January 30, 1987
The President is pleased that the first report on the Iran matter is out and that it confirms his position that he neither authorized nor was aware of the alleged transfer of funds to the contras.
The report is consistent with the President's position that, from its inception, the Iran initiative was an effort to open a dialog with top officials of a strategically important country. Numerous documents summarized in the report indicate that this was the view of Iranians, as well as those on the American side. In implementing this policy, the release of hostages was an important preliminary step intended to show that the Iranians would no longer support terrorism and the sale of arms was a gesture of good faith on the part of the United States in pursuing this strategic opening. To be sure, the linking of arms sales to the release of hostages at several points during this 15-month episode could be interpreted as a trade of arms for hostages, but this was not the policy approved by the President.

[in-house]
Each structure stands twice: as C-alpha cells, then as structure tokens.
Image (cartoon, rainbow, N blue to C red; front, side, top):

The report contains no evidence whatsoever that the President was aware of, let alone approved, any diversion of funds to the contras. The report brings to light for the first time statements by Lt. Col. Oliver North -- in his initial interview with Attorney General Meese -- to the effect that he did not believe that the President was aware of the alleged diversion. In addition, Admiral Poindexter's statements to Mr. Meese and Donald Regan -- that he had not inquired into the matter because ``he felt sorry for the the contras'' -- substantiates the President's statements that he was never told of this plan.
Note: Larry M. Speakes read the statement to reporters at 9:15 a.m. in the Briefing Room at the White House. Oliver North was a former National Security Council staff member, John M. Poindexter was Assistant to the President for National Security Affairs, and Donald T. Regan was Assistant to the President and Chief of Staff.